A vaccine against the virus that causes cervical cancer may struggle to reach enough girls, a pilot study has found.

Almost one in three schoolgirls offered the Human Papilloma Virus vaccine in the trial failed to take up the jabs.

The results cast doubt on whether a national vaccination scheme, due to start later this year, will fully succeed.


The trial in Manchester was shunned by two Roman Catholic girls' schools, while some parents refused permission for their daughters to take part because they had safety fears.

The £100million annual vaccine programme from September aims to protect girls aged 12 and 13 against HPV, the sexually transmitted virus which causes 70 per cent of all cervical cancer.

Girls aged between 13 and 16 will also be vaccinated in a separate £200million two-year catch-up programme from autumn 2009.

There are two new vaccines on the market, Gardasil and Cervarix, that can prevent infection by up to four strains of HPV, which infects almost half of women in their 20s.

To achieve optimum success, injections need to be given before girls are sexually active because the vaccine is ineffective against existing infection.

In England alone, 2,200 new cases of cervical cancer are diagnosed each year, leading to more than 800 deaths.

If the scheme goes to plan, vaccination will eventually save the lives of around 400 women a year, but experts say 75 to 80 per cent of young girls would need to have the jab to achieve this.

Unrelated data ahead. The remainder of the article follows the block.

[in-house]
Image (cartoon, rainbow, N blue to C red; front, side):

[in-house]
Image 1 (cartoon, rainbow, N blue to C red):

The pilot study - which used the Cervarix jabs - involved two primary care trusts in Manchester. A further eight declined to take part.

The HPV vaccine was offered to 2,817 girls in Year 8 (ages 12 and 13) across 36 secondary schools last October, with two Catholic schools deciding not to participate.

Each primary care trust delivered the first dose of the vaccine at the start of the study, the second dose after one month - when initial results were collected - and the third dose six months later.

Parents were fully informed and had to give consent for their daughters to receive the jab, said Dr Loretta Brabin, who led the study.

The main reason given by a third of those parents who did not want their child vaccinated was a lack of information on the jab and its safety.

Just one in 33 parents was concerned about the vaccine's possible effect on teenage sexual behaviour, while one in five gave no reason.

One in ten thought their daughters were too young for the jab.

Dr Brabin, a reader in women's health at Manchester University, said overall uptake was 70 per cent.

She said: "Around ten per cent of parents who did not let their daughters take part said they were waiting for the national programme to begin.

"If they agree to join in, that would increase the uptake to 80 per cent in this area alone.

"There will be a lot more publicity about the benefits when the programme gets under way."

A Department of Health spokesman said: "This vaccine will save lives, and will reduce the number of women who need to be treated against the early stages of (cervical cancer).

"We want as many girls as possible in the target age group to benefit from this vaccine, and we would encourage everyone who is offered it to take it."